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WildWestDye is here to bring naturally dyed, renewable, colour goodness into your home. WildWestDye is here to inspire you and to bring your beautiful handmade creations to life. 

Picture of Rebecca wearing a cowboy hat and yellow hand knitted top
Rebecca, a native Brit who now calls New Westminster, British Columbia home, after living eight years in colourful Sri Lanka, a beautiful Island in South Asia, is the dyer, colour-lover and driving force behind WildWestDye.

Skeins of yarn piled up
Selling yarn in CakeQuarters, aka 25g increments, is perfect for colourwork and accessories because you can buy just what you need. Less waste, less idle stash! Your yarn will be shipped to you in cakes so you can start creating as soon as it's delivered to your door.

Rebecca's cowboy boot collection
Why Natural dyes?
Natural dyes not only give glorious colours, but are also renewable and non-toxic (and smell really quite nice too).
Up until 1857 all textiles were dyed using natural dyes. Think of the textiles you have seen in museums, still looking beautiful today that were created before this time.

Natural dyes have beautiful depth and soul, they are all connected through nature and they look glorious together.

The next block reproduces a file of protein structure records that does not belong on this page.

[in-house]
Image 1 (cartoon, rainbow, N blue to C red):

Naturally dyeing is a slow, careful and satisfying process. The yarn is skein-ed, washed, then a mordant is applied
- mordant is French for 'to bite' - to allow the colour from the natural dye to attach to the yarn.
The yarn is then taken through a one or two dye process. Once dyed and dried, the yarn 'rests' for two weeks and then it has its final wash, dry and the cake process is completed.
Naturally dyed mini skein experiments
WildWestDye uses only classical natural dye ingredients. Dyes such as Madder, Weld or Cochineal have been used for hundreds of years. Combining these traditional dyes with modern layered dyeing techniques brings subtle and stunning colour variation, depth and warmth into the yarn.
Undyed yarn, skeing and caked dyed yarn

Are they wash and light-fast?
Traditional techniques are used to ensure the yarns are as light and wash fast as possible - should you leave your cake or finished item in direct sunlight? No, I totally don't recommend that, and I wouldn't for any hand dyed yarn, regardless of dye materials used. 
I do recommend the pieces are washed in a neutral ph soap. You can use Eucalan, or even a commercial brand like Woolite, which is what I personally use to wash my hand knits. Any soap with a neutral ph can be used.
Natural Dyes will fade over time, but you will find the fades to be beautiful.
Natural Dyes will fade over time, but you will find the fades to be beautiful.
Collection of yarn colours

See the collection here